The storm over adulterated cooking oils has touched a nerve with Taiwanese who are concerned about food safety. There is a potential conflict of interest controversy smoldering under the surface because the companies involved have for a long time had a close relationship with the academics who advise the government. If there is a positive side, it is that the government might begin to reflect on what brought about the situation where businesses and academics work so closely together, which has led some people to succumb to greed.
Cooperation between manufacturing, academia, political and commercial interests in food safety are common. Conflicts of interest are a fact of life, whether they be related to food safety, public health, biotech and pharmaceuticals, environmental impact assessments, nuclear energy, public engineering and construction projects, telecommunications and broadcasting, cross-strait economics and trade affairs, or legal conflict mediation. The problem is ubiquitous and it has been an open secret in academia for a long time.
If the government has no intention to do anything to address the issues created by the tight-knit cooperation between manufacturers, officials and academics, it is playing with fire.
The government relies on various channels to amass the relevant data with which to make an informed decision when monitoring these numerous and complex issues. However, a fundamental part of its job is to protect the public interest; people’s rights to life, health and property. Therefore, the departments concerned need to take ultimate responsibility and cannot sidestep their duties or pass the buck to other parts of the government machine.
The government needs to rely on its own specialist resources and to make sure that they proceed in a fair, just, transparent and effective manner so that it can conduct scientific research and enforce standards. Even if it needs to seek expert opinion from elsewhere, such advice must be consultative in nature and cannot be used by the government as an excuse to shirk its own legal and political responsibilities.
Even if the government needs to outsource research to academic experts because of its limited resources, it must still set up and implement a mechanism to investigate — in a transparent way — any potential conflicts of interest and to make sure that they do not occur. Otherwise, academic experts with party and political connections who are also handsomely paid by public or private-sector organizations can become a bridge between politics and business. Officials who have left their government positions can become facilitators who show people how to cross that bridge.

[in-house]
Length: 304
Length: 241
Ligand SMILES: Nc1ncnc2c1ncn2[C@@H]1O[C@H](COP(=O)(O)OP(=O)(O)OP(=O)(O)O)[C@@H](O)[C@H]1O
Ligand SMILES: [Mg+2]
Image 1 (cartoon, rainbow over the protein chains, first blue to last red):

Once this door is opened, it cannot be closed. It will be much worse than a soccer player who is also acting as referees, it will be open season for businesses, politicians and academics to conspire and concoct all kinds of facts and figures to distort public perceptions of issues. This will allow the people on the inside to feed like vultures at the public’s expense while they refuse to reveal — or allow others to reveal — the truth.
So why are people asked to accept that universities or research institutions are sincere, honest, impartial and independent, and that the information they produce is reliable? Why is the public asked to believe that institutions charged with public governance are still trustworthy and authoritative, or that government policy is above criticism?
The experience of other countries has shown that when academia becomes involved in public governance, government oversight, and industrial development and oversight, the complexities of the democratic system mean that complications arise, and the results are not always desirable.
When a government official alludes that unnamed people are involved in breaking the law, the public has a right to know who or what it is the official is referring to. That official also has a duty to identify the lawbreakers and the nature of what they have done, otherwise it it difficult to dispel suspicions of collusion.
When officials lament that other countries are speeding ahead while Taiwan seems to be treading water, why do they not admit the strong likelihood that the difference is that Western governments have already put an effective and workable support system in place prior to introducing any development policies or stimulus measures, rather than rushing off half-cocked, announcing the relaxation of regulations and waiting to see what effect the changes have?
Even universities like Harvard and MIT, which are known for the cooperation they promote between businesses and academics, have long required researchers to fully disclose any aspects of their participation that could give rise to a conflict of interest.
Is it the case that there are no examples to follow? There are, and it is not that they cannot be followed, it is that people choose not to do so.
Liu Ching-yi is a professor at National Taiwan University’s Graduate Institute of National Development.
Translated by Paul Cooper